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As of this writing, 695 people have been charged for federal crimes related to the January 6, 2021, Capitol breach—crimes motivated by the lie that Joe Biden won because of nationwide election fraud. Of those 695 people, not one has been charged with sedition, defined in the US Code as two or more people conspiring to “overthrow, put down, or to destroy” the government, “prevent, hinder, or delay the execution of any law,” or “by force to seize, take, or possess any property of the United States.”

January 6 defendants came armed with bats and bear spray and stun devices and guns and zip ties, aiming to overthrow the election by any means necessary. They called for the execution of the vice president. They assaulted law enforcement, bludgeoning officers with American flagpoles and police barricades. They stormed the Senate floor, stole mementos, and seized government files. They told us what they were there to do—for weeks ahead of time, in some cases—and they very nearly did it.

But no one has been charged with sedition, because America does not talk about violent expressions of white supremacy as sedition. Even when it manifests as a coup against America itself.

Not every person who stormed the Capitol is enrolled in a white supremacist group, but one does not need to avow white supremacy to be its surrogate. What other ideology imbues a mob with the power to besiege the citadel of American democracy and attempt to usurp an election, all in the name of “patriotism”?

“I was listening to Infowars and I was, like, getting patriotic,” said Daniel Rodriguez, who tased DC police officer Michael Fanone during the breach. “We thought we were being used as a part of a plan to save the country, to save America, save the Constitution, and the election, the integrity.” Rodriguez, who helpfully described himself to federal prosecutors as a “piece of shit,” was indicted not on sedition but on more technical charges like obstruction of an official proceeding, along with theft and destruction of government property.

“My story is just that we thought that we were going to save America, and we were wrong,” claimed Rodriguez.

Yet his story is part of an American tradition that casts white supremacy as well-meaning patriotism gone awry, instead of as an ideology antithetical to our best aspirations. But “negro sedition,” as one 1919 newspaper put in the headline of an article warning of “physical…opposition to the government,” has always been viewed as anti-American. Take George Ware, an aide to civil rights leader Stokely Carmichael and an organizer with the Student Nonviolent Coordinating Committee. In August 1967, Ware was arrested in Tennessee on a warrant charging him with sedition for comments he’d made at a Black school in Nashville: “Black people must achieve power by whatever means necessary, including violence.”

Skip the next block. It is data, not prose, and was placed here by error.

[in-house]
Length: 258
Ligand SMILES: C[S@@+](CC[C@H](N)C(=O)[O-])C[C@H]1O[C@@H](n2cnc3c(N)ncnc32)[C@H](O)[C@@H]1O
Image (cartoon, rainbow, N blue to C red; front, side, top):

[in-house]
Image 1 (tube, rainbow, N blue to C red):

A week after Ware’s arrest, Rep. William Cramer, a Republican from Florida, spoke before Congress in support of HR 421, also known as the “anti-riot bill.” “Outside agitators are using interstate commerce to incite or encourage riots and apparently on a planned, premeditated basis,” he said, assailing Ware and Carmichael as “symbols of the revolution and rebellion that many others are preaching and practicing.”

A grand jury declined to indict Ware, but the appraisal of Black dissent as sedition that landed him in jail for a week has not waned. In the aftermath of protests over George Floyd’s murder, Trump Deputy Attorney General Jeffrey Rosen suggested charging protesters with sedition, highlighting a hypothetical example of a group that “has conspired to take a federal courthouse or other federal property by force.”

Even being white does not provide full protection against sedition charges—especially when the white person is advocating for Black Americans. In 1835, Reuben Crandall, a white New York physician and alleged member of the American Anti-Slavery Society, was arrested in Washington, DC, for publishing and circulating material pushing “seditious libel and inciting slaves and free blacks to revolt.”

One newspaper warned that Crandall was “exciting the minds of negroes against whites”; another demonized him as a harbinger of violence toward white citizens. After his arrest at the hands of district attorney and “Star-Spangled Banner” composer Francis Scott Key, a lynch mob gathered. Quick intervention by the mayor saved Crandall’s life, but the crowd still got its fix by launching a multiday assault against the city’s free Black people.

When Crandall’s trial began, the Sedition Act of 1798—created to prosecute critics of Federalist policies—had long since expired. That did not stop Key from indicting Crandall on five counts of seditious libel, claiming he had violated common law. It was the first time an American had been charged with sedition for inciting insurrection among Black people, enslaved or free.

Crandall was eventually acquitted, but not before spending eight months in jail and contracting a fatal case of tuberculosis. During the trial, Key asked the jurors to understand the threat of anti-slavery literature: “What are these writings?…They declare that…we have no more rights over our slaves than they have over us. Does not this bring the constitution and the laws under which we live into contempt? Is it not a plain invitation to resist them?”